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Thursday, 18 January, 2001, 12:37 GMT
The drug addict's 'friend'
Gloucestershire Picture Agency
Mike Arch: "Offending drops as they stabilise their lives"
Jail is no longer the sole destination for convicted drug users who steal to feed their habit. Here, probation officer Mike Arch, of Gloucestershire, explains drug testing and treatment orders - the strictest community-based penalties meted out as an alternative to prison.

I find it really hopeful work, really meaningful. You're alongside someone who is embarking on a really worthy but great struggle.

Someone with a 10-year habit has to make such profound changes to their thinking and their lifestyle - it's extremely difficult.

Normal probation orders involve a weekly meeting. This is a five-day a week programme, particularly in the first three months.

What's involved?
Support meetings five days a week
Weekly drug tests
The people we work with are typically men, aged between 18 and 35, unemployed, addicted to heroin or crack cocaine - and they may have been stealing every day to fund that addiction.

But their offending drops as the treatment works, as they stabilise their lives.

Whereas they may have been using up to 1,000 worth of drugs a week, that can fall to 40 a week. There's far less crime required to fund that.

Rebuilding shattered lives

Although it's called coercive treatment, the majority want treatment because their lives have gone horribly wrong and they are facing prison.

Gloucestershire Picture Agency
The "orders" are now standard practice
As the supervising probation officer, I'm responsible for making sure they turn up to all the appointments they're meant to turn up for.

If they miss two - and that's two in a year - without a valid reason, then we take them back to court for breaching the order. Most come back and start going to meetings again.

This initiative is the first step in moving resources away from punishment and into treatment.

"But it is not a palliative for all problems that are drug-related in crime.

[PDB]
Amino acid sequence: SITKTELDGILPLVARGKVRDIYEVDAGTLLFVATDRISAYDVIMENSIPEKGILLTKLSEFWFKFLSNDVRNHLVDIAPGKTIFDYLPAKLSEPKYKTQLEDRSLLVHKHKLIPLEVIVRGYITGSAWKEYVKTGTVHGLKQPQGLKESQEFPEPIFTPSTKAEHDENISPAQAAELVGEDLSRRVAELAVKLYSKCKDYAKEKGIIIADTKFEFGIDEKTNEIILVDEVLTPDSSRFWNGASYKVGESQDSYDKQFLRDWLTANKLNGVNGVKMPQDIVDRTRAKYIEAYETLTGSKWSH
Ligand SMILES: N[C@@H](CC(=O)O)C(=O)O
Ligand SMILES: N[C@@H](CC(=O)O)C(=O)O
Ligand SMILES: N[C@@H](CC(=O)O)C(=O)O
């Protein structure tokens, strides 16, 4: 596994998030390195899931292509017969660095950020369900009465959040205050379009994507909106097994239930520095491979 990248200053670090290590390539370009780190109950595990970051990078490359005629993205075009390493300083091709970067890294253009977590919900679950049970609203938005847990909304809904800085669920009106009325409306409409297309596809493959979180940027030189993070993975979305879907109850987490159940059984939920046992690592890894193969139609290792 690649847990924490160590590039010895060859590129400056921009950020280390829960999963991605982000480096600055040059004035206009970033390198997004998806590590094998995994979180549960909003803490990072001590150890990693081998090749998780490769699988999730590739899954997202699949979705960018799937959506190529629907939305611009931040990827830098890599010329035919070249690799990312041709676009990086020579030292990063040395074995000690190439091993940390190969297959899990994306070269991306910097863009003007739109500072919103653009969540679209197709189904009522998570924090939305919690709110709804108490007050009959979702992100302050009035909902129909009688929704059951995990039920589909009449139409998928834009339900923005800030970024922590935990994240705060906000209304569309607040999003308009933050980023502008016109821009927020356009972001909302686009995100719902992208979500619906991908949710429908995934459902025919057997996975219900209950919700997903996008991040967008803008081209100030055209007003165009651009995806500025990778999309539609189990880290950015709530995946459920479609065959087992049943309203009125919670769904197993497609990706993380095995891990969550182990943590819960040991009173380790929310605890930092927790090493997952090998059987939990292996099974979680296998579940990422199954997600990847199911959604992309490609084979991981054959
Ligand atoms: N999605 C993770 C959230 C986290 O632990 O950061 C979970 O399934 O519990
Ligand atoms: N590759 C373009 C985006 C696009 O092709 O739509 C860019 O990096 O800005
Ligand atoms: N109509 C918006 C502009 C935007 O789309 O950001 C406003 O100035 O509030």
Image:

On the team in Gloucester
Four probation officers
One psychiatrist
Two psychiatric nurses
One drug worker
One of my first cases was a 25-year-old who had been injecting heroin since the age of 14.

He was living in really dreadful B&Bs and spending up to 500 a week on drugs, most of which was funded through crime.

I think he enjoyed coming to probation, it gave structure to his day.

Intelligent, articulate, isolated

We talked about his drug use - in which he was economic with the truth, both with me and with himself - his lifestyle, his relationships.

Gloucestershire Picture Agency
"It's really hopeful work, really meaningful"
But we also engaged in conversation - philosophy, current affairs. For someone who's really isolated, who knows no one outside the drugs circle, that's really important.

It's almost the old befriending approach, which was the original approach of probation many years ago.

He really struggled to come to terms with his drug use - it was eight months before he got his first clean test.

After six months, he realised that residential treatment was his only realistic option. He lasted about two weeks. It was very intensive group work, and it turned out to be too painful for him.


It's the old befriending approach, which was the original approach of probation years ago

But he came back, resolved to be drug-free. That's a really dangerous time for drug users, because their tolerance drops. He overdosed several weeks later, and came very close to dying.

He was still making five probation appointments a week throughout all this. But in the end, it wasn't enough for him and I've not heard from him since.

Seeds of change

But it's still a success, as far as I'm concerned.

This guy - and there's many like him - hadn't contemplated a drug-free lifestyle in 10 years.

Yet he seriously looked at his drug-use and how it was affecting his life. And he did manage a period of abstinence, albeit short-lived.

People often take three or four attempts to address their drug-use and fail. That can motivate them to try again, to look at what went wrong.

Pictures by Gloucestershire Picture Agency



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